Makes it known to all.”

Sirach once again imitates the numerical sayings of Proverbs. Sirach was frightened of three things, (1) slander in the city, (2) a gathering mob, and (3) false accusations. All of these 3 were worse than death itself. However, the greatest fear was the heartache and sorrow of a wife who was jealous of a rival. This may be a reference to polygamy where one wife was jealous of another wife. Apparently, this became known to everybody when the wife issued a tongue-lashing.

Judas Maccabeus rallies his troops (2 Macc 8:16-8:18)

“But Judas Maccabeus gathered his men together, to the number six thousand. He exhorted them not to be frightened by the enemy. They were not to fear the great multitude of gentiles who were wickedly coming against them. But they were to fight nobly. They were to keep before their eyes the lawless outrage that the gentiles had committed against the holy place. They were to keep before their eyes the torture of the derided city, and besides, the overthrow of their ancestral way of life. He said.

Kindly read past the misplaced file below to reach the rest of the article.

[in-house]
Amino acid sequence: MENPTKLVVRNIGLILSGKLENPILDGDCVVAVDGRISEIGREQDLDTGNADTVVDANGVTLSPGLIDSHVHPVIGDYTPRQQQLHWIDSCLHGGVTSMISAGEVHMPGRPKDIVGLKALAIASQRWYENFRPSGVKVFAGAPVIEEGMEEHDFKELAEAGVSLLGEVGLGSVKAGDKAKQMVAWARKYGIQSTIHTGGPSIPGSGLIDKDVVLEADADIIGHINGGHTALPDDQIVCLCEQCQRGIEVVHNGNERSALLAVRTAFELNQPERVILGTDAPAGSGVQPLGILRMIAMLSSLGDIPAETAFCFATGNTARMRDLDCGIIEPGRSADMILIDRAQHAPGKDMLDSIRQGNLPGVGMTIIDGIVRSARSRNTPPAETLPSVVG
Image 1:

‘They trust to arms and acts of daring.

But we trust in the Almighty God.

He is able with a single nod to strike down

Those who are coming against us

And even the whole world.’”

Like in 1 Maccabees, Judas Maccabeus was able to keep all his 6,000 troops together despite some minor defections. They were not to fear the wicked gentiles who were coming against them, but to fight nobly. They were to remember the evil acts of the gentiles against the holy place and the tortured city of their ancestors. They were to trust in the Almighty God who could strike down those coming against them, and even the whole world. He tried to calm their fears by saying that the powerful God was on their side.